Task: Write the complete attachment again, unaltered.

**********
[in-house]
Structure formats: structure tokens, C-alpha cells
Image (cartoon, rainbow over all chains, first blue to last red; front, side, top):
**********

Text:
[in-house]
Structure formats: structure tokens, C-alpha cells
Image (cartoon, rainbow over all chains, first blue to last red; front, side, top):